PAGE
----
Last night, as I was putting the finishing touches on my first lecture of the semester, I made what I thought was a pretty good list of general goals for a first class:
- Lead with something they already care about
- Tell them what’s coming in terms of substance and structure
- Demonstrate your teaching style.
- Show them you care about them
- Answer questions
- Make it fun
- Incorporate an element of surprise
- Treat them with respect
I thought this list would be a good start for a post about my first day.
Now that my first lecture has come and gone, I must instead write about something completely different: How to roll with the punches when things go wrong. Because a lot went wrong today.
I walked into my class ten minutes early and couldn’t get the projector to actually project anything. I like to talk, but I still had a stack of 40 lecture slides to support my talking. A friend with calmer nerves than me called the emergency AV person. I took a few deep breaths and started teaching. I told my students this was “Econometrics and Data Analysis I” and then asked them if they knew what their chances of finding a job were after they graduated. This seemed to get their attention. We then had a relatively structured conversation about how we could go about answering this question. I had a lot of notes typed up on my iPad so I didn’t need my slides as a road map. Fifteen minutes in, the AV guy had come and gone and I had my slides back. Phew! (For the record, he had to do something to the actual projector mounted in the back of the room to fix it.)
- Get to class earlier on the first day.
- Maybe even try out the projection system the day before.
- Notes are key.
At the thirty minute mark, the app I use to show and edit my notes on the iPad (WriteUp) crashed. It proceeded to crash immediately on restart several times. I love WriteUp, but it’s never been the most stable app. Luckily I had reviewed my notes carefully the night before and right before class so I didn’t really need them.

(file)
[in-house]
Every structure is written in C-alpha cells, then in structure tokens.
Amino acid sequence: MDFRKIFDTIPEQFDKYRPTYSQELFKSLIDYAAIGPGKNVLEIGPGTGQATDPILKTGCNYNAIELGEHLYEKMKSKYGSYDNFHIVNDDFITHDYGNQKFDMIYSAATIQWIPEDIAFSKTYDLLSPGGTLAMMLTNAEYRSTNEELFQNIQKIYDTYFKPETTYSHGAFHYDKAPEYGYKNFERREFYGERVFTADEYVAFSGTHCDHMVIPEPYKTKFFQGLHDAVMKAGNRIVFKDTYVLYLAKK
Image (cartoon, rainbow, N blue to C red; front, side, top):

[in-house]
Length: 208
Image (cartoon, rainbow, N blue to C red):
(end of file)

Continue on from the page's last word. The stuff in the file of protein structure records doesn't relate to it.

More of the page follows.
- Use a more stable app for displaying notes or at least have an alternative just in case.
This one was entirely self-inflicted. At 3:00 I noticed I had just 15 minutes left in the class, but I was on slide 19 (of 40). I started talking a little faster and did my last interactive exercise. At 3:15 I stopped with six slides left and kicked myself for trying to do too much in one day. I’m used to teaching for about two hours and these classes are an hour and 15 minutes each.
I talked to several students after class and the very last one had a copy of the printed syllabus. He asked if all the classes were going to end at 3:15 because the syllabus said class went until 3:45. I couldn’t believe it. The class started at 2:30. The reason I didn’t fit in everything I wanted was that I stopped class half an hour early completely by accident!
That’s when I really started kicking myself. For a third time I had to take some deep breaths and recover. I had the whole classroom to myself, and I sat down at a desk and started up Echo360 Personal Capture. I proceeded to give the rest of my lecture with the rest of my slides. I published the video, and tonight I sent an announcement to the class apologizing for the mistake and asking them to watch what they missed before our next class.
- Mistakes are inevitable, but correctable.
- Technology taketh away, but technology giveth too.
- I should probably try to get more sleep the nights before I teach.
One lecture down, 25 to go!